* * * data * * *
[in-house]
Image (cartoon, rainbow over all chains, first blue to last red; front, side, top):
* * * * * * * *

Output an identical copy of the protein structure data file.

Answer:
[in-house]
Image (cartoon, rainbow over all chains, first blue to last red; front, side, top):